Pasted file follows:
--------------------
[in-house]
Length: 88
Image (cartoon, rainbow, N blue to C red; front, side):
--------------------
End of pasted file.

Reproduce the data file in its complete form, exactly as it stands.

[in-house]
Length: 88
Image (cartoon, rainbow, N blue to C red; front, side):